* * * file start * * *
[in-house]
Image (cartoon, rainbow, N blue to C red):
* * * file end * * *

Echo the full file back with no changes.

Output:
[in-house]
Image (cartoon, rainbow, N blue to C red):